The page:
And what if plays were replaced with film? What if, rather than studying the language of the stage, students learnt how to read narrative and character using one of the biggest and most influential industries in the modern world? And I don’t say this because I don’t like theatre, but I did once know a 15 year old who thought that the robots in Transformers were real, and I had to explain to a whole class how Avatar was really about the damage that we’re doing the rain forests. “Sir,” one said. “They’re nine foot tall and blue. It’s not even about this planet. I don’t think you know what you’re talking about.”
And what if we replaced an emphasis on reading fiction – which is vastly overrated in education – for an understanding of press bias, the role of advertising, and the language of PR managers and lobbyists? It’s shambolic that most kids leave school knowing what onomatopoeia is but have no idea how a well-worded press release can make someone doubt human involvement in global warming, despite all evidence to the contrary. I once heard a stroppy, smart year 10 complaining about To Kill a Mockingbird saying: “So racism’s bad, tell me something I don’t know!” Given the fact that he was Indian, liberal, well educated and absolutely lovely I did rather think it was a case of preaching to the converted. Alongside the rest of the class, though, he came alive when I did a ten-minute plenary and explained who the Anonymous group were. Suddenly they all had challenging opinions, and as they left one asked me what actually happened in the financial crash. It broke my heart to know that I’d never have the time to explain it.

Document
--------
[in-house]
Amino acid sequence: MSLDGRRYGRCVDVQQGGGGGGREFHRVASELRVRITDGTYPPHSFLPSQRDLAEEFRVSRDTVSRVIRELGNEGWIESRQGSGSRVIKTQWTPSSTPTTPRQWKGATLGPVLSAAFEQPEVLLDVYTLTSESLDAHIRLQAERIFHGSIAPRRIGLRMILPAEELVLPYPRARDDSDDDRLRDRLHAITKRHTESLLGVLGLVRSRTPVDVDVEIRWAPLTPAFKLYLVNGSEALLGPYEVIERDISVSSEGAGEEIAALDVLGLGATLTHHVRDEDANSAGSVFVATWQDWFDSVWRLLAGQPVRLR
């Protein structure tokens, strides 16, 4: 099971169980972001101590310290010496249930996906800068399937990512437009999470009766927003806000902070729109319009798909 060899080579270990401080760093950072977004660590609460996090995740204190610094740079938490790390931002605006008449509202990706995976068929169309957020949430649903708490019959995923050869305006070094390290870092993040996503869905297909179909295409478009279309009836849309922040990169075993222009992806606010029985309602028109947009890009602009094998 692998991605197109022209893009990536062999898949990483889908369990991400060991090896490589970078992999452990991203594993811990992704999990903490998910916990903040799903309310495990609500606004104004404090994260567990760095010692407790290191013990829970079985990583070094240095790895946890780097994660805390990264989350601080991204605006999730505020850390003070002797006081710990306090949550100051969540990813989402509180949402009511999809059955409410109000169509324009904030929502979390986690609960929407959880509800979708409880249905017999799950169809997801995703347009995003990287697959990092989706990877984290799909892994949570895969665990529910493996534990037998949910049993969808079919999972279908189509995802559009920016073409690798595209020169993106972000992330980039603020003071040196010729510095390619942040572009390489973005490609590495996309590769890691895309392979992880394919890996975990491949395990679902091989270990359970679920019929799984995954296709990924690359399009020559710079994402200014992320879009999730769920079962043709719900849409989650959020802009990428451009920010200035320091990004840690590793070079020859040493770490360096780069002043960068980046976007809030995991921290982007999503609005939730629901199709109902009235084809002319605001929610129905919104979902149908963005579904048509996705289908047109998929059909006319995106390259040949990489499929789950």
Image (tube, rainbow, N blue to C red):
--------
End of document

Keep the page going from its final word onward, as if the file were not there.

And it’s not that I’m putting down any of the classic art forms, I just feel very strongly that in order to genuinely prepare our children for the world they’re entering into we should, at least sometimes, refer to the world that they’re entering into. I recently taught Frankenstein to a set of year 7s and although they embraced the philosophical question of what makes something truly alive, the class didn’t really come alive itself until someone started surreptitiously passing round a copy of Blade Runner, and I’d shown them HAL’s death scene in Kubrick’s 2001. In the end I had to apologise for the fact we needed to return to the two hundred year old novel that many of them would have loved to study at degree level, but didn’t want to read at the time.